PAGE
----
7 Chapter 3 DATA QUALITY MATURITY 41 and data standards management looks at the data quality issues associated with: Data definitions, Semantics, and Data exchange. These standards are managed as enterprise metadata, and are discussed in chapter Technology To deploy the data quality framework, the participants within the enterprise will be expected to employ tools and technology intended to support the stated data quality protocols and processes, support the level of data quality services (e.g., validation, parsing and standardization, search/locate) via a single reference data set, and validate/verify the conformance of data values and records to explicitly defined data quality expectations. This will incorporate: Service component design guidance, Data quality technology, Business rule based validation, Verification of data accuracy, Searching and indexing, Data quality issues tracking, Data quality performance management, and Identity resolution, record matching and linkage, and record splitting and merging when necessary Performance Management Having specified processes for governance and stewardship and identified data quality expectations and ways to determine conformance of data to those expectations, it is necessary to provide a performance management scheme for continuously monitoring enterprise-wide data quality. This includes conforming to data quality expectations, identifying where significant negative impacts are incurred due to poor data quality, tracking relevant issues and providing a means for root cause analysis, and providing a set of services for the assessment of data quality performance. Together, this scheme will support auditing and monitoring that can be reported in a management dashboard characterizing data quality performance, highlighting areas that require special attention, and providing an audit trail for root cause analysis and remediation within the governance model.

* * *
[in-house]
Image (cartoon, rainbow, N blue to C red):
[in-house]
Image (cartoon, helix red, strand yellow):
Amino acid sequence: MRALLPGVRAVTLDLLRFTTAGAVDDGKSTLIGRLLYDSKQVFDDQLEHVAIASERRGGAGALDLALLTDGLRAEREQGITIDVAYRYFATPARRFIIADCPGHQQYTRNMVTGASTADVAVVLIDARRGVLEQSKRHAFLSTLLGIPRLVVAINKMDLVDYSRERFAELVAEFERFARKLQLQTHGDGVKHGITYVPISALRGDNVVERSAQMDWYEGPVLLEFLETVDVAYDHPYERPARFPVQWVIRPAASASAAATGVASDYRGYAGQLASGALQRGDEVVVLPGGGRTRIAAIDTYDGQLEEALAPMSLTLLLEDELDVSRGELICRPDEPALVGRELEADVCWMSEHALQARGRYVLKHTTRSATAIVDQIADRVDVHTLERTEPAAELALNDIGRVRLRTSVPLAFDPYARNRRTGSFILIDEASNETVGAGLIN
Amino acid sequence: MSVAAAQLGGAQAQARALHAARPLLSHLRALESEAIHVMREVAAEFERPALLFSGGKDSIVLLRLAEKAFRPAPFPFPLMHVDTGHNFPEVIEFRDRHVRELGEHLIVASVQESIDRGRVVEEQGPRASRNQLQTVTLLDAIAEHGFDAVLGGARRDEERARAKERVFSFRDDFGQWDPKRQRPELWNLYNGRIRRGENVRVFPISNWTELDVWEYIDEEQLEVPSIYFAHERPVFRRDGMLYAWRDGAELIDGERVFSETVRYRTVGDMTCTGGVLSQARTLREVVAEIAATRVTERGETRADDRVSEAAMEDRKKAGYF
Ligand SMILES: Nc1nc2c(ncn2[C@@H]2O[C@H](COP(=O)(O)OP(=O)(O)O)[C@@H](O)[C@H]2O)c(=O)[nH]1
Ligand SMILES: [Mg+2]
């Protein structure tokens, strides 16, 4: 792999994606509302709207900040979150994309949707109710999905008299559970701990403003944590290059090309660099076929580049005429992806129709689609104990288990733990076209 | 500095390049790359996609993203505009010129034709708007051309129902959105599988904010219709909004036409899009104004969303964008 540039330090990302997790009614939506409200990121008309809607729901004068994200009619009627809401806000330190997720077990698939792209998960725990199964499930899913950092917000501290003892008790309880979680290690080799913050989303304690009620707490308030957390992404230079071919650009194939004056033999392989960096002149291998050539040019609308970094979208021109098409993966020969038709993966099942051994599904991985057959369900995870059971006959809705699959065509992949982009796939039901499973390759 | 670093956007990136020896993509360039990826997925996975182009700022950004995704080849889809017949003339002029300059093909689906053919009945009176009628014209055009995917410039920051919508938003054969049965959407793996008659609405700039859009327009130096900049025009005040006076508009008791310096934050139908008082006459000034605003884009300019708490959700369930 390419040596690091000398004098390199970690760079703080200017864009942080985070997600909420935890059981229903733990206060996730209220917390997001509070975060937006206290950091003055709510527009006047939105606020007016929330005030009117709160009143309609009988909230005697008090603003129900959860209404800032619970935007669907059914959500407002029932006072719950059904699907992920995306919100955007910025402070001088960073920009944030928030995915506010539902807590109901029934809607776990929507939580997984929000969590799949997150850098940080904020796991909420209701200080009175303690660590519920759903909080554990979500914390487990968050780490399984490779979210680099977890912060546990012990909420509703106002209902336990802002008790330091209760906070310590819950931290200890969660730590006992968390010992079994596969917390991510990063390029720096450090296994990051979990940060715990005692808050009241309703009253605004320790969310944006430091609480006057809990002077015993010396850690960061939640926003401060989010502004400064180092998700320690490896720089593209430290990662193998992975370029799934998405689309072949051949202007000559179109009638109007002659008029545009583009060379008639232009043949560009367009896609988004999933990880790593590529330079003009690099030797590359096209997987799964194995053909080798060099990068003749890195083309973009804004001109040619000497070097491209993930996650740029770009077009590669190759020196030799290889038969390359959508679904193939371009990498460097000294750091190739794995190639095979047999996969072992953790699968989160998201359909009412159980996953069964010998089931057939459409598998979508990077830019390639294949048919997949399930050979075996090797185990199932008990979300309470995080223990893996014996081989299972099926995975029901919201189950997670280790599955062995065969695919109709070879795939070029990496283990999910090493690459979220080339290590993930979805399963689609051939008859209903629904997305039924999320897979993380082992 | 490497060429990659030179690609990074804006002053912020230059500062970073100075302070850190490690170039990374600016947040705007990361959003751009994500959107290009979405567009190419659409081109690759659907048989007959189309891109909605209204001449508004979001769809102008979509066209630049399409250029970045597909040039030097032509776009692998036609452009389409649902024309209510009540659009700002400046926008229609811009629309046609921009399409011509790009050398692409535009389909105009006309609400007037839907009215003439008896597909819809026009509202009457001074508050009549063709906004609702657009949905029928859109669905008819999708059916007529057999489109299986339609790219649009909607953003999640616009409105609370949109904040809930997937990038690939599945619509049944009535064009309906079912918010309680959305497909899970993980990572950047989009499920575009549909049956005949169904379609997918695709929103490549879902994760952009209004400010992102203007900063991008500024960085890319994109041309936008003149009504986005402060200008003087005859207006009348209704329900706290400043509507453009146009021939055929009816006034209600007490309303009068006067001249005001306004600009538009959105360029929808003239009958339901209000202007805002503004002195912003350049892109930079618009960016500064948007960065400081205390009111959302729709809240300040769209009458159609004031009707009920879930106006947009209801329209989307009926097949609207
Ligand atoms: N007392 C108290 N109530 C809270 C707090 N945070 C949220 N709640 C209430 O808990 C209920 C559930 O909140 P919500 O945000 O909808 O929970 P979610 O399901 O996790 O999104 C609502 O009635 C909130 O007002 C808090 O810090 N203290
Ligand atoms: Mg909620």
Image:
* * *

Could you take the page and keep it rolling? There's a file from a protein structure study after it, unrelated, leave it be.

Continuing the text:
8 42 Chapter 3 DATA QUALITY MATURITY 3.3 A Data Quality Capability/Maturity Model To take an approach of performance management for data quality, it is useful to visualize how data quality management dovetails with all organizational information-dependent activities. The challenge is that in many organizations, data management evolves in lockstep with the functional application needs, often as an afterthought. The data analysts starting to look at the organizational value of data as a corporate asset expose gaps showing the disconnect between the functional requirements for a collection of siloed business application and good data management practices. One way to evaluate and then resolve this disconnect is to assess the current level of maturity associated with data quality practices and then visualize a target level of maturity that best meets the organization s needs. In turn, this approach sets this vision as a yardstick by which one organization s maturity can be compared to the way that other organizations work. This data quality maturity model is patterned after the Capability Maturity Model (CMM) developed by the Software Engineering Institute at Carnegie Mellon University. Capability maturity models are management tools that characterize levels of organizational refinement in addressing design, implementation, manufacturing, problem resolution, and so on. These kinds of models have been applied to many application domains, including software development, programmer development, and project management domains. This data quality maturity model defines five levels of maturity, ranging from an initial level where practices and policies are ad hoc, to the highest in which processes and practices lead to continuous measurement, improvement, and optimization Initial At the initial level, the processes used for data quality assurance are largely ad hoc, with most of the effort expended in reacting to data quality issues. Problems that arise are acute, require immediate attention, and often require significant rollback and rework. The environment is relatively unstable, and as a result it becomes challenging to trace back the sources of the introduction of flawed data and to determine the quick fix. Fixes are onetime, and most likely will not address any longterm improvement in the information or the processes. Success is often correlated to individual heroics in correcting data flaws, not on proven processes for root cause analysis and managed